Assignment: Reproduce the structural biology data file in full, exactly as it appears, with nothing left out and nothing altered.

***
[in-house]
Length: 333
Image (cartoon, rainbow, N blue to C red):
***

[in-house]
Length: 333
Image (cartoon, rainbow, N blue to C red):